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Can “golden cross” save Brent bulls?

Oil prices pip
  • Brent's 50-day SMA could soon cross above 200-day counterpart
  • However, other forces may negate bullish "golden cross" signal
  • Oil weighed down by risk of higher Venezuela/Iran supplies
  • Oil dropped on technical pullback, deteriorating China economy
  • Brent may yet return into sub-$80/bbl levels, while $88 offers strong resistance



Brent’s 50-day simple moving average (SMA) is currently teasing its 200-day counterpart.

Prices of the global oil benchmark are climbing at the time of writing as Brent tries to halt three straight days of declines.

Traders typically see a bullish signal (a sign that prices will go higher) when the 50-day SMA crosses above the 200-day SMA to form a “golden cross”.

The last time Brent formed a "golden cross" on the daily charts was back in late-September 2020.

After that previous episode, Brent went on to soar by more than 200%, going on to peak just above $130/bbl following Russia's invasion of Ukraine.


However, there are other forces at play that may offset a bullish signal from a "golden cross".


Here are 4 reasons why oil prices have been falling of late:

1) US-Venezuela talks

The US is discussing with Venezuela about possibly lifting sanctions on the latter’s oil exports temporarily.

Keep in mind that Venezuela boasts of the largest crude oil reserves in the world (though its refining capabilities are limited).

Should these sanctions be lifted, it risks sending out more crude oil into the world.

NOTE: Greater supply tends to translate into lower prices, all else equal.

The Biden administration is dangling this carrot so that Venezuela would hold fair elections in 2024, while lower prices at the pump would also placate the US voter base.


2) Iran’s exports surge

Iranian oil, which is sanctioned, has been making its way into China at the highest level in about a decade!

When China, as the world’s largest crude importer, is taking in such shipments, it lessens the need for China to buy oil from other producers, prompting depressed global oil prices.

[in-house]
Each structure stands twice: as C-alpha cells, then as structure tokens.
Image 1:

3) China’s waning recovery

Much has already been made about China’s stuttering economy, as wary consumers have heaped more pressure on China’s property sector, which in turn risk financial instability.

Oil markets are concerned about the sluggish demand levels in the world’s second largest economy, and also the world’s largest crude importer, which has led to falling oil prices.

NOTE: Lower demand tends to lead to lower prices, all else equal.


4) Technical pullback

Brent bulls could do no better than the $88/bbl handle earlier this month, which makes sense given that that price region has capped Brent since last November.

That peak also saw Brent’s 14-day relative strength index (RSI) – another widely used technical indicator – breaking into “overbought” territory.

That technical event signalled that Brent was indeed ripe for a pullback, and it duly did (see chart above).


Brent looks past positive catalysts

The above factors even prompted oil markets to shrug off signs that oil inventories worldwide are around a 6-year low.

Also, the Energy Information Administration (EIA) this week reported a larger-than-expected 6.1 million barrel drawdown in US inventories to reach its lowest levels since December!



Where to next for Brent?

From a fundamental perspective, of course it boils down to the supply-demand equation.


Further declines in Brent prices may prompt Saudi Arabia and Russia to further crimp their oil shipments.

Such supply cuts may then shore up Brent price and help them stay close to the $88.00 resistance zone.


However, Brent may languish back in sub-$80/bbl levels if the Chinese economy continues to produce worrying signs, coupled with the risk of more oil supplies out of Venezuela and Iran to offset Saudi/Russia’s lowered shipments.

If further declines aren’t thwarted at the 50-day and 200-day SMAs, then the 100-day SMA may then be called for support just below the psychologically-important $80/bbl mark over the near term.



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